EU imposes sanctions on Russian, North Korean, Chinese groups and individuals for major cyberattacks
The European Union (EU) on Thursday imposed sanctions on six hackers and three groups behind some of the most significant and wide-reaching international cyberattacks in history.
The EU froze the assets and imposed a travel ban on individuals involved in the “WannaCry,” “NotPetya,” and “Operation Cloud Hopper” attacks, along with those responsible for a cyberattack against the Dutch Organization for the Prohibition of Chemical Weapons (OPCW), an intergovernmental group based in The Hague.
The 2017 WannaCry and NotPetya attacks were some of the most devastating ransomware attacks in history.
North Korean group Chosun Expo was sanctioned by the EU for involvement in the WannaCry attack, which encrypted or locked down over hundreds of thousands of computer systems across 150 countries, seriously impacting the United Kingdom’s general medical practices and targeting companies including Sony Pictures Entertainment and the Polish Financial Supervision Authority.
The NotPetya ransomware attack targeted Ukrainian and other international companies, with the attack successfully switching off parts of the Ukrainian power grid in the middle of winter.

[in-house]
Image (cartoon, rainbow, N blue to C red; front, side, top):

The CIA attributed the attack to the GRU, Russia’s military intelligence agency, with the GRU’s Main Center for Technologies one of the groups sanctioned by the EU on Thursday due to the attack.
Chinese nationals Gao Qiang and Zhang Shilong, along with the Tianjin Huaying Haitai Science and Technology Development Co. in China, were sanctioned for carrying out Operation Cloud Hopper.
This effort involved cyberattacks on companies on six continents, including those in the EU, and was carried out by Advanced Persistent Threat (APT) group 10, a Chinese group that was indicted by the Department of Justice in 2018 for a “global computer intrusion campaign.”
Four Russian nationals associated with the GRU — Oleg Sotnikov, Evgenii Serebriakov, Aleksei Morenets, and Alexey Minin — were sanctioned for attempting to hack into the WiFi networks of the OPCW in 2018, which the Netherlands Defense Intelligence and Security Service was able to block.
John Hultquist, the senior director of analysis at cybersecurity firm FireEye’s Mandiant Threat Intelligence program, told The Hill in a statement that sanctions against the hackers involved in the OPCW attack “may be particularly effective for disrupting this activity as they may hinder the free movement of this unit.”
EU High Representative Josep Borrell said in a statement Thursday that the EU regarded malicious cyberattacks as “unacceptable.”
“We strongly promote a global, open, stable, peaceful and secure cyberspace where human rights and fundamental freedoms and the rule of law fully apply, supporting the acceleration of social, political and economic development,” Borrell said. “We will continue to strengthen our cooperation to advance international security and stability in cyberspace, increase global resilience and to raise awareness on cyber threats and malicious cyber activities.”
The action marks the first time the EU has used its legal authorities to target hackers directing cyberattacks against EU member states and their citizens.
These authorities stem from a “cyber diplomacy toolbox” that went into effect last year, allowing EU member states to impose sanctions on individuals that pose national security threats due to malicious cyber activities.
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